Oil and gas companies in the United States are the latest to add their voices to the broad set of stakeholders supporting federal regulation of methane emissions from the oil and natural gas sector. These companies have a major responsibility to reduce methane emissions, a key step in the energy transition. This week in Houston, at CERAWeek, Shell, ExxonMobil and BP took important steps to support nationwide direct methane regulation, with Shell urging the Environmental Protection Agency (EPA) to not deregulate methane emissions and to even tighten standards.
There is more opportunity than ever before to regulate and reduce emissions in ways that work for industry and the environment. As ExxonMobil wrote, federal methane regulation “helps build stakeholder confidence, and provides long-term certainty for industry planning and investment while achieving climate related goals.”
The federal regulation of methane emissions is an essential effort that builds on proven state regulatory models and positive efforts that dozens of companies are already practicing as part of sound business operations.
It’s time for more companies to speak up, because without nationwide methane regulation, industry is only as strong as its weakest link.
Companies moving forward with methane management and technology
A growing group of companies, including many who have not spoken up yet about federal methane regulations, are already taking steps to monitor and reduce emissions both for compliance and as part of good business practice. Continued innovation in methane sensing technology supports the efforts already underway in sites across the country.
For example, infrared cameras that enable visual identification of methane leaks are a relatively recent innovation, providing a steep change in efficiency over some prior techniques. Companies with leak detection and repair programs like Anadarko and ConocoPhillips already utilize infrared cameras as part of surveys of oil and gas facilities. Use of such cameras is a key component of leak detection standards that are already working to deliver emission reductions across multiple jurisdictions. Technological advancements pave the way for standards to realize greater methane reductions at even lower costs.
Many companies are already experimenting with drones to monitor and enhance operations for a range of safety, environmental and operational reasons. Increasingly, operators also trial drone-based methane inspection, with the potential to reach dispersed assets, manage labor costs and enhance detection speed.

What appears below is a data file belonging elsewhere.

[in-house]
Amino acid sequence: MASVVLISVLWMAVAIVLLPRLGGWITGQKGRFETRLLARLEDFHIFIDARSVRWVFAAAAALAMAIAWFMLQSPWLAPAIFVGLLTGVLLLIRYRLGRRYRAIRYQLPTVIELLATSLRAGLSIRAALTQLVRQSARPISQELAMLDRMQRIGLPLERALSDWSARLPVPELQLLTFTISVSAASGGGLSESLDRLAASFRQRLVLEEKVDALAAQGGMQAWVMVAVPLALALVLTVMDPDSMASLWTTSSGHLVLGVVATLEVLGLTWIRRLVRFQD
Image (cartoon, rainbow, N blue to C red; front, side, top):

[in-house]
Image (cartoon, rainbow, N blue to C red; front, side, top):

Other approaches for deploying sensors—from aerial, to truck-based, to satellite—round out a diverse mix of emerging strategies that will make it even more cheap and efficient to monitor and reduce emissions. This means that well-crafted regulations—drawing on elements already included in several standards—can harness the sensor revolution within a pragmatic and effective regulatory solution.
Predicting leaks before they start
Digitalization—another key discussion topic at CERAWeek—offers the promise of helping operations become safer, more efficient and cleaner. Executives are investing in digitalization as they prepare their companies to adapt and compete. At EDF, we believe in the power of innovation to empower people to take action. We are collaborating withAccenture Strategy to help industry discover new ways to use digital tools like machine learning to help with predictive maintenance and other techniques that will keep more natural gas in the pipelines.
We hope to hear from companies interested in exploring opportunities in the digital methane space. For starters, we are pleased to work with BP to scope and announce a methane digitalization project in 2019. EDF and BP are committed to making public the progress, outputs and learnings of this work, for the benefit of the broader industry.
The digital methane field is nascent, and there is a lot we look forward to learning together. But what we know now is that digital solutions will make it easier to reduce even more emissions at even less cost. That creates a potential win-win-win for companies, regulators and the environment in the years to come.
Enabling innovation for regulatory compliance
We often hear from companies that regulations should be designed to support innovation. After all, the regulations of tomorrow shouldn’t lock in the technologies and techniques of yesterday. At EDF, we agree. We’ve advocated for state and federal standards to include pathways that recognize and incentivize the development of advanced technologies that can perform even better than what’s available today. And we’re starting the next step—collaborating with BP, Colorado State University and a range of stakeholders—to foster demonstration of the effectiveness of these new technologies and methods.
Rigorous standards that protect climate and public health, combined with transparent pathways for innovation, can deliver environmental results while creating a conducive environment for American ingenuity. From developing analytical models that support demonstrations of environmental effectiveness, to designing field pilots that can show the capabilities of new technologies, it is a busy 2019. We also look forward to engaging with the regulatory community in this process to help foster the flexibility and innovation to deliver workable and effective emission reductions.
The road ahead
At EDF, we are grounded in science and economics. While scientific inquiry alerted us to the methane challenge, the economics of the marketplace’s methane solutions give us confidence not just in the cost effectiveness of today’s solutions, but in the potential for more innovation. We look forward to more companies supporting the EPA methane regulations that offer certainty, address risk and strengthen performance across the entire industry.
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